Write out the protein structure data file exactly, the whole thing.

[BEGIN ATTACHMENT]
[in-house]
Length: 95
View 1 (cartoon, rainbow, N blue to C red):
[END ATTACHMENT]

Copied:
[in-house]
Length: 95
View 1 (cartoon, rainbow, N blue to C red):